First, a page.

6. Yes it’s very often because they come onto the forum, ask “rhetorical questions” ie questions to which they already think they know the answer, or at the very least know what answers they want in order to reinforce their opinion, and then get a sulk on when not everyone spits back the answers they want. And then their narcissistic attention-seeking gene kicks in and instead of just quietly going off and buying a tape recorder so they can be entertained hearing the sound of their own voice giving the answers they want, spend considerable effort telling everyone how unfair it all is, how everyone is wrong and they are right, stamping their feet moments before flouncing off in a dramatic exit stage left. Or at least I think that’s it because to be honest they are forgotten very shortly afterwards.
  7. The NE bond relay only operates in inverter mode when there is no external ac input. If it did operate with “normal” mains input then this would routinely blow eg the shore bollard RCD.
  8. Yes definitely. We have a Mastervolt Masterswitch which does it automatically but a manual switch is a cheaper option.
  9. No this is not correct. We connect our travelpower to our Combi no problem. It doesn’t care whether the neutral is 0v or 115v. And it’s quite happy to provide “power support” by merging the TP supply with inverter output.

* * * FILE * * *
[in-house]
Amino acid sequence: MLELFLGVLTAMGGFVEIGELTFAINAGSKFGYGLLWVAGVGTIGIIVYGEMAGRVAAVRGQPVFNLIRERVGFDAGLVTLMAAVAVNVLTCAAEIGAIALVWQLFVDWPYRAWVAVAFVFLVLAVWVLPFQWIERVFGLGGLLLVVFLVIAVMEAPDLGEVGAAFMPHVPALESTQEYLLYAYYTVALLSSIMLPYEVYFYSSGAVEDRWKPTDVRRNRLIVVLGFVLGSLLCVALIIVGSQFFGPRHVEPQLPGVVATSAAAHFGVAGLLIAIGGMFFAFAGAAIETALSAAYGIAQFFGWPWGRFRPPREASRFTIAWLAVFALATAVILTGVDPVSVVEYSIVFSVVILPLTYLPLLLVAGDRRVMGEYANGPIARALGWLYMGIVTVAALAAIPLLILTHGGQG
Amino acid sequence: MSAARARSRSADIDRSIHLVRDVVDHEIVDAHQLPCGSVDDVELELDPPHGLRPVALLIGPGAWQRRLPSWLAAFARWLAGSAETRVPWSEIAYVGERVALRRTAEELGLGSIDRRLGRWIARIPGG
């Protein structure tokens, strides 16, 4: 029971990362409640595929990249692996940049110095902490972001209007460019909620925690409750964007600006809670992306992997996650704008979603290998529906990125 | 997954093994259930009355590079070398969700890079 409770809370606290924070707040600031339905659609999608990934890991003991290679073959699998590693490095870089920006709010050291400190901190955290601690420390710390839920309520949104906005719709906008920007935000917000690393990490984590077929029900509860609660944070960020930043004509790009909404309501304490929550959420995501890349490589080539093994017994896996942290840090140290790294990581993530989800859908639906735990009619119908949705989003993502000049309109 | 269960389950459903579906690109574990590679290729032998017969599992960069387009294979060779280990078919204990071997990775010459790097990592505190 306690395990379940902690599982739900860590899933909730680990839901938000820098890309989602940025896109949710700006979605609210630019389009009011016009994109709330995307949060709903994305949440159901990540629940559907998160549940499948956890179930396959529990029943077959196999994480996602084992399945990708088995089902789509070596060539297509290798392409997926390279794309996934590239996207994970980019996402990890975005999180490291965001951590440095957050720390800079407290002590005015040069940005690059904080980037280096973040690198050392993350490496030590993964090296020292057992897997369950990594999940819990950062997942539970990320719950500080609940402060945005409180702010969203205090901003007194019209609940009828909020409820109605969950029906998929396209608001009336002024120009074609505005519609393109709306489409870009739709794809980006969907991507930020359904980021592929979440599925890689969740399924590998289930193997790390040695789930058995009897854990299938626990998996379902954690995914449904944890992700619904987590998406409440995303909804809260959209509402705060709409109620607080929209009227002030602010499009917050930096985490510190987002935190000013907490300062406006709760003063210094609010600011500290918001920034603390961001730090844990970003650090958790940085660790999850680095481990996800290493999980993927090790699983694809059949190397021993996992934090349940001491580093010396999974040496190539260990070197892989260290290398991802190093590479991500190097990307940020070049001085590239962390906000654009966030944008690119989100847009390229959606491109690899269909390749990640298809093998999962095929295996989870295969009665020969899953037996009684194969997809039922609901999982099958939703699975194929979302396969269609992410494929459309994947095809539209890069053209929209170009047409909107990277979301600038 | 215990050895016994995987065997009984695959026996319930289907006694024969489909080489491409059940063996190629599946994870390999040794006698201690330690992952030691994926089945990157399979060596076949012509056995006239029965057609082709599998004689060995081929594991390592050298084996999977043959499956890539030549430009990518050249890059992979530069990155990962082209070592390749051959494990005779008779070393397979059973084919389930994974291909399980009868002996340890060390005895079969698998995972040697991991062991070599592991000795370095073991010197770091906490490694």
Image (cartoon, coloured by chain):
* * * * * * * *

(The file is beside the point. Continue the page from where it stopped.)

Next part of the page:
10. Well these two posts can’t both be right!
  11. I am a bit sceptical about that graph. It says zero output for the travelpower at idle. If that really is the case it’s poor design. There must be a very big difference in the pulley ratios compared to the 3.5kw - if it’s correct. And if it is correct, why?
  12. I don’t think it’s unreasonably cheap. I paid the same (in proportion) for my bare cells from china, so you are getting a BMS and case chucked in. Something like a heating element doesn’t add much to the build cost. It’s always a bit of a gamble but no red flags for me there. However the discharge is limited to less than 1/2C which is a bit restrictive, but might not matter if you don’t intend to run a big inverter load.
  13. We’ve got a 3.5kw travelpower on a Beta 43. It makes about 2kw at idle, but that is very bad for the engine. By about 1200rpm it can make full output, although a bit higher rpm is better in order to reduce belt tension / crankshaft side load. If I was expecting 5kw output I think I’d want around 1400rpm. If you let the revs get too low the voltage dips at first, then I think eventually it would trip off though I’ve never had that happen. To organise the source of power to the Victron you could use a manual ac changeover switch, or do as we do and have an automatic changeover such that shore power gets connected if it’s available, otherwise the travelpower is connected.
  14. Well let’s be quite clear, boats move forward going up in locks due to Bernoulli’s effect. Which states that the pressure in a fluid decreases when its velocity increases. Water flowing fast into front of lock = pressure reduction = lowering of water level at front of lock = slope created = boat slides down slope.